Docket No. 1-2, p. 1-3 (paragraph numbering omitted).
C. Verizon’s Motion to Dismiss
The crux of Verizon’s argument is that “Plaintiff’s Complaint is so fraught with factual
inadequacies that it leaves Defendant to guess as [sic] potential causes of action.” Docket No.
43, p. 8. Verizon argues that “Plaintiff’s Complaint does not contain enough facts to determine
what claims are being brought, what actions or omissions Plaintiff considers relevant to each
claim, or which defendant allegedly performed the action or omissions contemplated in the
Complaint.” Id. at 6.
With regard to Plaintiff’s allegations of fraudulent acts (or omissions), Verizon argues
that Plaintiff has failed to identify any material fact that was misrepresented by any party or
identify a specific party that made a misrepresentation, and has not alleged with particularity
which statements were fraudulent, when such statements were made, or to whom. Id. at 6-7.
Verizon argues that Plaintiff has failed to comply with the Federal Rules of Civil Procedure,
which require that fraud be pled with particularity. Id. Further, Verizon contends that “Plaintiff
presents no evidence that Verizon knew or should have known that facts reported to the credit
bureaus on October 1, 2013 were a misrepresentation or false.” Id. at 9. Verizon maintains that
Plaintiff’s own statements and beliefs that he could not have opened a Verizon account on May
3, 2010 because Nashville experienced a severe flood that day are not sufficient to allege fraud.
Id. at 10. Verizon contends that despite the severity of the flood, “the flood did not shut down
the entire city, and multiple Verizon stores remained open.” Id.
Verizon also contends that “Plaintiff implies, without ever specifically stating, that
Defendants used unfair or deceptive practices in violation of Tenn. Code Ann. §47-18-101 et
seq. by turning the delinquent account over to collections and by contacting Defendant to collect
such monies” and that “Plaintiff implies, without directly stating, that Defendant violated the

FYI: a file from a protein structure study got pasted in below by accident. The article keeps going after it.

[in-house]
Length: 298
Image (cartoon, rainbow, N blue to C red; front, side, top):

Federal Debts Collection Practices Act by turning the delinquent account over to collections
without proper notice and by contacting Defendant to collect such monies.” Id. at 7. Verizon
argues that Plaintiff does not plead these claims with the particularity or reference to statute
required by the Tennessee Rules of Civil Procedure. Id. Further, Verizon argues that Plaintiff
has not referenced “any facts supporting the claim [Verizon] engaged in deceptive or unfair
practices or actions” as required by Fed. R. Civ. P. 9(b). Id.
Additionally, Verizon contends that “Plaintiff’s claims are barred by the applicable
Tennessee statute of limitations.” Id. at 8. Verizon argues that to the extent Plaintiff intended to
state a claim for libel or slander, the statutory periods have expired as of October 1, 2014 and
April 1, 2014, respectively. Id. Similarly, Verizon argues that the statutory periods for any
potential claim that Plaintiff had under the T.C.P.A. or the Federal Debts Collection Practices
Act have also run. Id. at 8-9.
For the reasons discussed below, the undersigned recommends that Verizon’s Motion to
Dismiss (Docket No. 42) be GRANTED and that this action be DISMISSED WITH
II. LAW AND ANALYSIS
A. Fed. R. Civ. P. 8(a) and 8(d)(1)
Fed. R. Civ. P. 8(a)(2) requires that a pleading contain a “short and plain statement of the
claim showing that the pleader is entitled to relief.” Fed. R. Civ. P. 8(d)(1) requires that each
allegation be “simple, concise, and direct.” A claim that “is so verbose that the Court cannot
identify with clarity the claim(s) of the pleader and adjudicate such claim(s) understandingly on
the merits” violates Rule 8. Harrell v. Dirs. Of Bur. Of Narcotics & Dangerous Drugs, 70
F.R.D. 444, 446 (E.D. Tenn. 1975).
B. Fed. R. Civ. P. 12(b)(6)
Fed. R. Civ. P. 12(b)(6) provides that a claim may be dismissed for failure to state a
claim upon which relief can be granted. To withstand a Rule 12(b)(6) motion to dismiss, a
complaint must allege “enough facts to state a claim to relief that is plausible on its face.” Bell
Atl. Corp. v. Twombly, 550 U.S. 544, 547 (2007). A complaint containing a statement of facts
that merely creates a suspicion of a legally cognizable right of action is insufficient. Id. The
Supreme Court has clarified the Twombly standard, stating that “[a] claim has facial plausibility
when the plaintiff pleads factual content that allows the court to draw the reasonable inference